Your browser doesn't support javascript.

Biblioteca Virtual em Saúde

Brasil

Home > Pesquisa > ()
Imprimir Exportar

Formato de exportação:

Exportar

Email
Adicionar mais destinatários
| |

Induction of migraine-like headache, but not aura, by cilostazol in patients with migraine with aura.

Butt, Jawad H; Rostrup, Egill; Hansen, Aina S; Lambertsen, Kate L; Kruuse, Christina.
Brain; 141(10): 2943-2951, 2018 Oct 01.
Artigo em Inglês | MEDLINE | ID: mdl-30137217
Whether migraine headache and migraine aura share common pathophysiological mechanisms remains to be understood. Cilostazol causes cAMP accumulation and provokes migraine-like headache in migraine patients without aura. We investigated if cilostazol induces aura and migraine-like headache in patients with migraine with aura and alters peripheral endothelial function and levels of endothelial markers. In a randomized, double-blinded, placebo-controlled crossover study, 16 patients with migraine with aura (of whom 12 patients exclusively had attacks of migraine with aura) received 200 mg cilostazol (Pletal®) or placebo on two separate days. The development, duration, and characteristics of aura and headache were recorded using a questionnaire. Peripheral endothelial function was assessed by digital pulse amplitude tonometry using EndoPAT2000, and endothelial markers (VCAM1, E-selectin, and VEGFA) were measured. After administration of cilostazol, 14 patients (88%) experienced headache compared with six patients (38%) after placebo (P = 0.009). The headache in 12 patients (75%) after cilostazol and one patient (6%) after placebo fulfilled the criteria for migraine-like attacks (P = 0.0002). Patients reported that the attack mimicked the headache phase during their usual migraine attacks. However, aura symptoms were elicited in one patient after cilostazol and one patient after placebo. Further, endothelial function, as assessed by peripheral arterial tonometry, and endothelial markers were not significantly altered by cilostazol. Accumulation of cAMP by cilostazol induces migraine-like headache, but not aura, in patients with migraine with aura, even in those who exclusively reported attacks of migraine with aura in their spontaneous attacks. These findings further support dissociation between the aura and the headache phase with a yet unknown trigger for the aura and link between aura and headache. In addition, cilostazol administration did not significantly alter endothelial function, as assessed by peripheral arterial tonometry, or the endothelial markers, VCAM1, E-selectin, and VEGFA. However, post hoc analyses showed that our study was statistically underpowered for these outcomes.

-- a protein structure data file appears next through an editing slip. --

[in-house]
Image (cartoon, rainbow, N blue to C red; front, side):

Selo DaSilva